President Xi Jinping's First Year In Review: Nationalism "Worrisome," Web Less Open

Historians in the News
tags: Jeffrey Wasserstrom, China, Xi Jinping

Chinese President Xi Jinping’s first anniversary in office arrived on March 14 amid easing economic growth, rising nationalism, a perceived reining in of room for expression on the Internet, and heightened regional tension.

Against that backdrop, what risks are ahead for China’s relations with the U.S. and its own neighbors? What’s ahead for the Web? Will Russia’s role into the Crimea embolden China to seek similar solutions to its territorial disputes in Asia?

To find out more, I talked to Jeffrey Wasserstrom, a professor of Chinese history at the University of California at Irvine and author of the book,  “China in the 21st Century: What Everyone Needs to Know.”  He is visiting Shanghai this month to attend the Shanghai International Literary Festival.  Excerpts follow:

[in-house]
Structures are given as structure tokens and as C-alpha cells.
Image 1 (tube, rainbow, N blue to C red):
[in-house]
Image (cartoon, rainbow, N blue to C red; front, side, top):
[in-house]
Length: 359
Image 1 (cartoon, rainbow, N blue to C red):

Q. What would you say has been notable about President Xi’s first year in office from your perspective as a U.S. historian?

A.  What’s been notable is the overstated expectation of him early on about him being any kind of political reformer.  A year ago there were some people who were overly optimistic about what kind of liberalizing moves he would make early on. But I thought there would be a holding pattern.

 If anything, the last few months have been quite depressing —  in terms of, for example, the crusading lawyer Xu Zhiyong being sentenced to prison.  People who are not really dissidents but that tried to push the envelope have suffered more under Xi Jinping than in the past.  He’s done some things that have a reform side to them in the economic sector. There has been some loosening up in the birth limitation policy. But there hasn’t been any loosening up in the political realm. If anything, there has been a kind of tightening and consolidation of power....

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